‘You are incompetent’ - MPs accuse Nzimande of not helping students

He came in for a lashing in the National Assembly hours after a man was shot dead during a student protest in Johannesburg on Wednesday.

Minister of Higher Education, Science and Innovation Blade Nzimande addresses members of the media in Pretoria on 8 March 2021 on funding discussions for prospective students for the 2021 academic year. Picture: GCIS

CAPE TOWN/JOHANNESBURG - Higher Education Minister Blade Nzimande has come under fire in Parliament as MPs accused him of failing to help university students.

He came in for a lashing in the National Assembly hours after a man was shot dead during a student protest in Johannesburg on Wednesday.

Wits University students were demonstrating over tuition fees and the financial exclusion of some of their peers.

A passerby died while police were shooting at the student protestors.

Inkatha Freedom Party (IFP) MP Mthokozisi Nxumalo told Nzimande protesting Wits University students were demanding what was rightfully theirs.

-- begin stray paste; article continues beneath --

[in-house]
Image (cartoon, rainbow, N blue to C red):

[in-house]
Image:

He reminded Nzimande that former President Jacob Zuma promised free tertiary education following violent protests several years back over fee increases.

Nxumalo labelled the minister incompetent: “One might even say you are incompetent to run the department because every year, none of the students are getting benefits from your office.”

Nzimande wants a list of students who are struggling to get financial assistance. He's promised to follow up on the matter.

But he's denied Wits students were left in the lurch: “95% of all the students who are going to be taken by Wits University are already registered and I am in touch with all universities.”


The Higher Education Department said arrangements were made in the past for students funded by NSFAS to be allowed to register even if they have outstanding fees.

The department said it believed the protesting students were those who weren’t being subsided by government’s financial aid scheme.

Ndzimande is expected to hold a media briefing on Thursday.

Higher education spokesperson Ishmael Mnisi has admitted that NSFAS students should not be left out in the cold because they’re owing universities money.

“So, all the students who are beneficiaries of NSFAS must be able to register provisionally until NSFAS gives them the letters that confirm that they will be paid for.”

When asked about students whose funding has been impacted by the COVID-19 pandemic and other reasons, this is what Mnisi had to say: “If there is any student whose parents has lost any job, who have no income, we have made provisions for such students that they can apply for NSFAS as long as they provide proof that their parents are no longer working.”

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